Comparing Jordan Spieth's 2015 Masters to Tiger's 1997 performance

Devil Ball Golf

At 21 years old, Jordan Spieth just completed one of the best Masters ever played. He's now the second-youngest Masters champion in history, just behind Tiger Woods, who was the youngest ever when he won in 1997. 

Of course, it's natural to compare the two efforts.

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Spieth set or matched a number of records en route to his first major title, eclipsing several of Woods' '97 records in the process.

Bubba Watson puts the traditional green jacket on compatriot Jordan Spieth. (REUTERS)
Bubba Watson puts the traditional green jacket on compatriot Jordan Spieth. (REUTERS)

The Texan shot 14-under 130 for the first two rounds to take over the 36-hole scoring record from Ray Floyd.

His 16-under 200 mark through 54 holes also took down a record set by Floyd and matched by Woods in 1997.

With a bogey on the 72nd hole, Spieth matched Woods' 18-under 270 record from 18 years ago.

The new Masters champion became the first wire-to-wire green jacket winner -- with no ties -- since Floyd's then-record-shattering 1976 tournament. That's right, Woods didn't have the first-round lead in '97. He opened in 40 and closed in 30 to shoot and opening 2-under 70 to sit three shots behind John Huston. (Remember him?)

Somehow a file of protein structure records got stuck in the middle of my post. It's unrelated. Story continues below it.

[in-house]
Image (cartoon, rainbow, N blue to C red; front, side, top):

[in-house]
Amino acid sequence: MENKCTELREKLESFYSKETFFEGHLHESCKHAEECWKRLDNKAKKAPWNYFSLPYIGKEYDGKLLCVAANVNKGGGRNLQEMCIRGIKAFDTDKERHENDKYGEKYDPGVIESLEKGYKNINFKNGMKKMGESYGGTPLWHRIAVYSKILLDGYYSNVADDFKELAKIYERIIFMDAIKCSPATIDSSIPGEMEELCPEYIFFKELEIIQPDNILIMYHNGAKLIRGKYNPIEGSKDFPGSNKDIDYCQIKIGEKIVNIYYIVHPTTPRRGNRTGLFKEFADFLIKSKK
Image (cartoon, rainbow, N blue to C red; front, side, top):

While Woods and Spieth both wound up shooting 270, Woods never reached 19 under par. Spieth did that, on the 15th hole on Sunday, only to cede that with a final bogey. Spieth also set the tournament record for most birdies with 28, overtaking Phil Mickelson's former mark of 25 in 2010.

However, Spieth won by just four shots. Woods won by 12. Spieth beat guys who had won majors in the last 24 months, in Mickelson and Justin Rose. Woods beat 1992 U.S. Open champion Tom Kite, followed by Tommy Tolles and Tom Watson.

So who was best? It's hard to say, especially considering Augusta National has been lengthened and changed several times since 1997. But Woods' effort in '97 probably still has the edge. Only 16 players were under part that year, as opposed to 32 this year, and none in '97 were even close to Tiger.

Simply, the course played a lot tougher against everyone in the field but Woods in '97, which wasn't necesarily the case this year, when a total of five players finished at least 11-under par.

Ryan Ballengee is a Yahoo Sports contributor. Find him on Facebook and Twitter.

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